See a Snake in Your Yard?

1. Don’t Approach the Snake

Many snakes are nonvenomous and are helpful to your yard’s habitat. For example, in a garden, they don’t cause any damage and can help get rid of rodent and insect populations. Think the snake might be venomous? Call the Ace Wildlife Control team to effectively remove it for you. By failing to remove a dangerous snake, you leave you and your family in danger.

2. Identify Whether the Snake is Dangerous

Snakes are common across Tennessee, and there are four venomous snakes native to the state, according to the Tennessee Wildlife Resources Agency. They are Northern and Southern Copperheads, Timber Rattlesnakes, Western Cottonmouths and Western Pigmy Rattlesnakes.

Northern Copperhead


Appearance: Medium-sized with a triangular-shaped, copper-colored head and vertical pupils. Dark brown “hourglass” crossbands are wide on sides and narrow at the center of the back.

Typically found: Forest areas, wooded hillsides

Note: Its venom is not very potent, so fatalities from bites are rare.

Cottonmouth or Water Moccasin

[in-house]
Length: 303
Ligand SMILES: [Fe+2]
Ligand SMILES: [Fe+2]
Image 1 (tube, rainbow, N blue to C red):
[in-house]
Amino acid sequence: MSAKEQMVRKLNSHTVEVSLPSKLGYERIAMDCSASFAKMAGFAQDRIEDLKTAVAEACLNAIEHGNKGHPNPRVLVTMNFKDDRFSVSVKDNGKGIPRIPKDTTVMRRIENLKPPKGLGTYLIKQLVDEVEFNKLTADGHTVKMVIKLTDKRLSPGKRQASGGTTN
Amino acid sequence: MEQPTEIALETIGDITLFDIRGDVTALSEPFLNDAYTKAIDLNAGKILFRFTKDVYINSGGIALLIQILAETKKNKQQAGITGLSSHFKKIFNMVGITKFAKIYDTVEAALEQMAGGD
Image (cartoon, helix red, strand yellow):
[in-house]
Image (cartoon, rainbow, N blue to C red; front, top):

Appearance: Large, 30 to 42 inches long, with vertical pupils and a triangular head. Dark olive-brown to black with dark cross bands that may not be visible. A white upper lip may be noticeable.

Typically found: Swamps, wetlands, drainage ditches, around rivers and lakes.

Note: These snakes generally try to escape if encountered and move in a random direction, sometimes toward you.

Timber Rattlesnake


Appearance: Large, 36 to 60 inches long, with a triangular head, vertical pupils, and a rattle at the end of the tail. Usually gray with a black tail, but can also be yellow, tan, brown, pink, dark brown, or black, typically with a rust-colored stripe down the back. Black chevron-shaped crossbands occur all down the body.

Typically found: Heavily wooded forests, around mountains and swamps

 These snakes look similar to cottonmouths, but come in bright colors, ranging from coppery brown to bright orange.

Pygmy Rattlesnake


Appearance: Small, 15 to 20 inches long, with vertical pupil, thin tail, and tiny rattle. The body color is gray or tan with an orangish-brown stripe and dark blotches down the body. The head has a wide, black stripe from the eye and to the corner of the mouth.

Typically found: Close to water, in flood plains, wetlands, and moist fields

Note: These are so rare, they are protected animals.

3. Contact a Snake Control Professional

The best way to remove a snake from your yard is to Call the Ace Wildlife Control team. An expert can help you remove the serpent from your property quickly and safely. We can remove snakes buried in holes throughout your property, living in hedges around your yard, and even snakes living in your garden.